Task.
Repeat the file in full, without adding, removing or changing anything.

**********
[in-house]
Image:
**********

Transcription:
[in-house]
Image: